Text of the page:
Ishwari began with the prayer of Shani and highlighted his epithets in movements, Shani as younger brother of Yama, with skin of bluish colour, dark, with large eyes, fierce in appearance, to that Lord Shani, I bow and offer my pranams. Ishwari, petite as she is, unleashed such energetic chakkars and postures evoking the image of Shani with aplomb. With beautiful aalap on sitar, Ravi Chary built up the mood. The bols, padhant, the reproduction on pakhavaj, on drum (from Tunisia, cajon pronounced as kahn), and western drums charged the atmosphere. The young musicians were in their element.
Ishwari unfolded one after another the gems of nritta beginning with paran aamad of Mohanrao's 'dha taka dhunga' and executed with finesse and confidence arriving on the sam of the unusual Shani Taal. Sitting next to me were the veteran exponents of Kathak, Shame Bate and Bharatanatyam diva Sucheta Chapekar. They burst out with their spontaneous 'wah! wah!' For someone not tuned to this taal and arriving on the sam, it would be like tight rope walking, but for Ishwari it was a breeze.
Paramparik nritta pieces, tihais, tisra jaati paran, performing with lightning speed, sitting on the floor and quickly getting up striking the final pose, Ishwari went on receiving rounds of applause, as the rasikas, well versed in intricacies of taal, appreciated her art. In between, the six accompanists like a jam session created an exciting mood. Each one played individually, displaying their artistry. And all of them together created a climax with resounding drums taking the lead.
Ishwari performed to Utad Zakir Hussain's tihais bedam, kamali and explained where 'dha' will be played from first palle to the rest. Farmaishi bandhish were at her beck and call. The command over the form, laya and taal, were in full display. After sumptuous offering of nritta, Ishwari had a quick costume change with a transparent well designed off white tasteful drape on the dress and performed thumri, "Dekho mai tero Kanhai, mag rokat thithori karat" (Look Yashoda, your son Kanhai, blocks my way when I go to fetch water and teases me) in Bhairavi raga to the accompaniment of pakhavaj, as tabla was not included in this musical ensemble. It gave a different texture to display of thumri as one is traditionally used to listening to and watching thumri danced to tabla. Hoewever as an experiment it looked quite interesting.
The abhinaya part in Kathak needs emphasis and more presentation as nritta always takes a lead. Ishwari is well versed in abhinaya under the watchful guidance of her mother. The various ways Krishna twists her wrist were danced well, with appropriate expressions of annoyance, showing the part of broken pot, accusing Krishna for his harassment, Ishwari succeeded is showing subtle expressions. Listening to Krishna's flute, gopi lets the pitcher of water flow and on waking up from the spell, looks at the pitcher flowing. Concluding to the description of all women of Brij was watching her helplessness at Krishna's ched chaad, Ishwari made an exit as a gopi without carrying pitcher on her head!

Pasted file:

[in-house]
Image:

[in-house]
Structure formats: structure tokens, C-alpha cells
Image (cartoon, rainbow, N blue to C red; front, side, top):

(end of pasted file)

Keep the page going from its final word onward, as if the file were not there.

The finale was in Bhairav raga, replete with complex rhythm, foot work, chakkars, and melodious singing and tuneful sitar. Ishwari's dancing was marked by her precision and complete tuning with accompanists. What was heartening was the team work, in particular by the young artistes. It augers well for new directions in Kathak. The future of Kathak is safe as the young generation of musicians and dancers are willing to collaborate. I have seen Kathak performed to western drums etc. But this was the most unusual performance I saw as I had never seen such teamwork and collaboration with a galaxy of musicians. That all of them received standing ovation was expected. The young dancers in the audience were thrilled. Ishwari with her presentation provides a role model to other dancers of her age group.
Prerana Deshpande and Nrityadam have been presenting performances throughout the year as this is the 25th year of Prerana's institution. 'Sam se sam tak' was the title she had given to her yearlong performances imaginatively planning the performances. The series started with the grand concert 'Space' where Guru Mohan Rao Kallianpurkar's Tala Mala was presented by the senior dancers of Nrityadham. It was followed by Srjan Ensemble of Odissi Guru Ratikant Mohapatra, who presented Guru Kelucharan Mohapatra's choreography.
While this first khand was dedicated to the Gurus, the second khand - Dancing Flames Festival - was dedicated to the concept of Shishyas. Nrityadham hosted this festival where young dancers of various gurus presented traditional Kathak over a span of 3 days.
The third khand was khali which is turning point in a taal. Prerana named it as Tridhara, featuring Rama Vaidyanathan in Bharatanatyam, Sujata Mohapatra in Odissi and Prerana in Kathak. In the fourth khand, Nrityadham invited dancers from Nrityadham's branches abroad and in India, in a program called 'Umang Tarang' and 'Beyond Borders.' And the series culminated in Shanyayan dedicated to the newer generation of artists, youthful, creative, and energetic. The sam is an important aspect of a taal and requires energy and effort to justly express its importance. Sam se sam tak was thus achieved with this presentation of Shanyayan.
And with it, a star is born. Ishwari has shown promise that she would scale great artistic heights carrying forward the legacy of her mother with her own creativity.
Dr. Sunil Kothari is a dance historian, scholar, author and critic, Padma Shri awardee and fellow, Sangeet Natak Akademi. Dance Critics' Association, New York, has honoured him with Lifetime Achievement award.